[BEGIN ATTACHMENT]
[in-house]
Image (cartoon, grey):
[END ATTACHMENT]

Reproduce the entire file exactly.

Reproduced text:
[in-house]
Image (cartoon, grey):